Replying to a tweet from @Lady_Ada_King
OH: “H.P. Lovecraft? I thought you said PHP Lovecraft.”
Tim looks at the common traits of companies that have built a good culture of web performance:
- Top-down support
- Clear targets
- Knowledge sharing
- Culture of experimentation
- User focused, not tool focused
Few companies carry all of these characteristics, so it’s important not to get discouraged if you feel you’re missing a few of them. It’s a process and not a quick one. When I’ve asked folks at companies with all or most of these characteristics how long it took them to get to that point, the answer is typically in years, rarely months. Making meaningful changes to culture is much slower and far more difficult than making technical changes, but absolutely critical if you want those technical changes to have the impact you’re hoping for.
Homebrew Website Club is a regular gathering of people getting together to tinker on their own websites. It’s a play on the original Homebrew Computer Club from the ’70s. It shares a similar spirit of sharing and collaboration.
Homebrew Website Clubs happen at various locations: London, San Francisco, Portland, Nuremberg, and more. Usually there on every second Wednesday.
I started running Homebrew Website Club Brighton a while back. I tried the “every second Wednesday” thing, but it was tricky to make that work. People found it hard to keep track of which Wednesdays were Homebrew days and which weren’t. And if you missed one, then it would potentially be weeks between attending.
So I’ve made it a weekly gathering. On Thursdays. That’s mostly because Thursdays work for me: that’s one of the evenings when Jessica has her ballet class, so it’s the perfect time for me to spend a while in the company of fellow website owners.
If you’re in Brighton and you have your own website (or you want to have your own website), you should come along. It’s every Thursday from 6pm to 7:30pm ‘round at the Clearleft studio on 68 Middle Street. Add it to your calendar.
There might be a Thursday when I’m not around, but it’s highly likely that Homebrew Website Club Brighton will happen anyway because either Trys, Benjamin or Cassie will be here.
(I’m at Homebrew Website Club Brighton right now, writing this. Remy is here too, working on some very cool webmention stuff.)
There’s something else you should add to your calendar. We’re going to have an Indie Web Camp in Brighton on October 19th and 20th. I realise that’s quite a way off, but I’m giving you plenty of advance warning so you can block out that weekend (and plan travel if you’re coming from outside Brighton).
If you’ve never been to an Indie Web Camp before, you should definitely come! It’s indescribably fun and inspiring. The first day—Saturday—is a BarCamp-style day of discussions to really get the ideas flowing. Then the second day—Sunday—is all about designing, building, and making. The whole thing wraps up with demos.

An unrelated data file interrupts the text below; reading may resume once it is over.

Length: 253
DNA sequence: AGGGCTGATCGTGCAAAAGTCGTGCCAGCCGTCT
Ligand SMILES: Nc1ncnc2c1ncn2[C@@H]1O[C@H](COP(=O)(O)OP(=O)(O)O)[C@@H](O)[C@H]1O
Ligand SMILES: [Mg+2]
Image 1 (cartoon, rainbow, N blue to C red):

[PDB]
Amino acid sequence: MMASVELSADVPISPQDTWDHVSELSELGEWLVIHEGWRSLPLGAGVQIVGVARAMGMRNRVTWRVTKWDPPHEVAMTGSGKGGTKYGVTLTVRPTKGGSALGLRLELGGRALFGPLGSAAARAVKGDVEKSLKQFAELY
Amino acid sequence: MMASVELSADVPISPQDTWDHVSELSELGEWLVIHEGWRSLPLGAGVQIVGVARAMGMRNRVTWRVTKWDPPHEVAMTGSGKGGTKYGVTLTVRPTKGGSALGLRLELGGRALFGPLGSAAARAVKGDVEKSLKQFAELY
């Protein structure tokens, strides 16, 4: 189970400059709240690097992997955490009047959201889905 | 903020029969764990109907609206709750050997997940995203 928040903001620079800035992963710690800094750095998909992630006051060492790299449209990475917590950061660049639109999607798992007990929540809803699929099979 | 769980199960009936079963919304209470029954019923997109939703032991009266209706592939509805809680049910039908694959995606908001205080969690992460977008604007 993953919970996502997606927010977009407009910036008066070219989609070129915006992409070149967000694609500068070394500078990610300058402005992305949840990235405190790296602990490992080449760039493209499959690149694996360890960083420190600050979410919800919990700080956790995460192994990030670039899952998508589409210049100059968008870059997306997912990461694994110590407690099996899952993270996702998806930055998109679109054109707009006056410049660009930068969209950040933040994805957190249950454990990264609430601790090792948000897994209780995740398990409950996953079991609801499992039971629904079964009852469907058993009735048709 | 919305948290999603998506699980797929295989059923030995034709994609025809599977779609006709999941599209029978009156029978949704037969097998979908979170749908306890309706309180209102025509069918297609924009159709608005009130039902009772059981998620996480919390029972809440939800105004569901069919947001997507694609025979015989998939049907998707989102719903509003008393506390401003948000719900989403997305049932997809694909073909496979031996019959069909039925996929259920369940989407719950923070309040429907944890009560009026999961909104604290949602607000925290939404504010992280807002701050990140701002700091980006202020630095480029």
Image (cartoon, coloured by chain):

It’s been a while since we’ve had an Indie Web Camp in Brighton. You can catch up on the Brighton Indie Web Camps we had in 2014, 2015, and 2016. Since then I’ve been to Indie Web Camps in Berlin, Nuremberg, and Düsseldorf, but it’s going to be really nice to bring it back home.
The event will be free to attend, but I’ll set up an official ticket page on Ti.to to keep track of who’s coming. I’ll let you know when that’s up and ready. In the meantime, you can register your interest in attending on the 2019 Indie Webcamp Brighton page on the Indie Web wiki.
This starts as a good bit of computer science nerdery, that kind of answers the question in the title:
Alone, CSS is not Turing complete. CSS plus HTML plus user input is Turing complete!
And so the takeaway here is bigger than just speculation about Turing completeness:
Given that CSS is a domain-specific language for styling user interface, this makes a lot of sense! CSS + HTML + Human = Turing complete.
At the end of that day, as CSS developers that is the language we really write. CSS is incomplete without HTML, and a styled interface is incomplete without a human to use it.
I wish that websites would put that sentence right next to their “sign up now!” call to action:
Every project eventually dies, effectively or in practice.
Then, people would be informed about what they’re getting into.
Alas, no! It’s a shame—I really liked that Hack Farm project. 😔
If we had ten hours in a day, instead of 24, and if each of these hours had 100 minutes instead of 60, and if every minute had 100 seconds, our clocks would look like this…
None of these are “surely a good thing” if you look at them from the perspective of a user:
Only if you tell people in advance, when they’re signing up to use your product, that this is what’s going to happen.
The mismatch in expectations should definitely not be applauded.